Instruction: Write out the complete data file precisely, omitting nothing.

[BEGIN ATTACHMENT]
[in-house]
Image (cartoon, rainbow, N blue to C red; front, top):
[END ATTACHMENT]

[in-house]
Image (cartoon, rainbow, N blue to C red; front, top):